The history of the computer industry is filled with fascinating tales of sudden riches and lost opportunities. Take that of Ronald Wayne, who cofounded Apple Computer with Steve Wozniak and Steve Jobs but sold his shares for just US $2,300. And John Atanasoff, who proudly showed his digital computer design to John Mauchly who later codesigned the Eniac, typically recognized as the first electronic computer, without credit to Atanasoff. Perhaps the most famous story of missed fame and fortune is that of Gary Kildall. A pioneer in computer operating systems, Kildall started the company Digital Research and wrote Control Program for Microcomputers (CP/M), the operating system used on many of the early hobbyist personal computers, such as the MITS Altair 8800, the IMSAI 8080, and the Osborne 1, before IBM introduced its own PC. Kildall could have been the king of personal computer software, but instead that title went to his small-time rival Bill Gates. For years, rumors have circulated that the code for the original DOS operating system sold by Microsoft is actually copied from the CP/M operating system developed by Digital Research.
A couple years ago we took it upon ourselves to search out the original code and use CodeSuite to determine the truth once and for all. Our research was summarized in a popular (and not-so-popular) article in IEEE Spectrum entitled Did Bill Gates Steal the Heart of DOS? If you haven’t read it, you should. It’s a fun read but it only summarizes our exhaustive results using our tools and procedures for finding copied code. The article generated a lot of controversy and we always intended to publish the full technical details of our analysis, but it’s surprising how many people don’t like our conclusion and wouldn’t publish my paper. But now the full academic paper entitled A Code Correlation Comparison of the DOS and CP/M Operating Systems is available online in the Journal of Software Engineering and Applications. If you want to know the details, and you want to know the truth, it’s in the article and the details are in the paper.
Posted By: Bob Zeidman in General on July 9th, 2014.
Tags: Bill Gates, copyright, copyright infringement, CP/M, Digital Research, DOS, forensic engineering, forensics, Gary Kildall, infringement, intellectual property, Microsoft, plagiarism, plagiarism detection, programming, research, software, software analysis, software plagiarism, source code, theft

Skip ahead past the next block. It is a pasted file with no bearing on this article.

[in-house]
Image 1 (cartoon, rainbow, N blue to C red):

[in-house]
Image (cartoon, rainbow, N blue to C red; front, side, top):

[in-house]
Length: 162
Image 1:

||My new book is a great addition to any IP lawyer’s library. It takes you on a whirlwind tour of the fundamentals of electronics. By the end, you’ll be familiar with the basic concepts of various kinds of modern electronic technologies and devices. Especially for IP attorneys without an engineering degree, it will enable you to converse with your experts and consultants. For those IP attorneys who have been away from technology for a while, this will help you brush up. The topics covered are:
- Linear Devices
- Electricity as Sound
- Nonlinear Devices
- Transmission Lines
- Digital Logic
- Semiconductor Technology
- Memory Devices
- Application Specific Integrated Circuits (ASICs)
- Programmable Devices (CPLDs and FPGAs)
- Computer Architecture
- Engineering Equipment
You can order your copy on Amazon here or at other online and brick-and-mortar bookstores.
Posted By: Bob Zeidman in General on April 7th, 2013.
Tags: ASIC, computer, CPLD, digital, diode, electricity, engineering, FPGA, resistor, semiconductor, transistor
If you want to get up-to-date information on the world of intellectual property, and you want it to be interesting, passionate (yes, some people are passionate about IP) and sometimes even controversial (yes, IP can also provoke fiery controversy), then you definitely need to sign up for Gene Quinn’s IP Watchdog blog.
IP Watchdog is considered one of the most influential IP blogs in cyberspace. In fact, the American Bar Association runs a poll each year to rank the best law blogs, and IP Watchdog usually comes out on top or near the top for IP blogs. But as they say on DWTS, you need to vote! There’s no guarantee that your celebrity will win. So I’m asking you to vote for IP Watchdog in the ABA blawg 100 competition. Go here to vote and look for IP Watchdog in the… where else?… IP category.
Posted By: Bob Zeidman in General on December 19th, 2012.
Tags: intellectual property
Software Analysis and Forensic Engineering has just released a new version of CodeSuite that has some really great new features.
What’s a PID? It’s a partial identifier. Or more specifically, a partially matching identifier. That’s where two identifiers in code almost match. So for example, the identifiers identifier1 and confident_boy share the partial identifier (or “PID”) ident. CodeMatch has always been able to correlate PIDs and use that in calculating the identifier correlation score as a component of the entire correlation score between two source code files. But there can be so many PIDs that users got blurry-eyed trying to view them all and find suspicious ones in a CodeMatch HTML report. So we came up with a solution. You can now export the PIDs from a CodeSuite database into a spreadsheet. You can see not only the PIDs, but the original identifiers that share the PIDs. Now you can sort and select, cut and paste, and generally look for clues to copying in a simple spreadsheet.